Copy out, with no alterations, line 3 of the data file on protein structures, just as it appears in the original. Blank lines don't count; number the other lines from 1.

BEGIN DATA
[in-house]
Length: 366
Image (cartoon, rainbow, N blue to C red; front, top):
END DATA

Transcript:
Image (cartoon, rainbow, N blue to C red; front, top):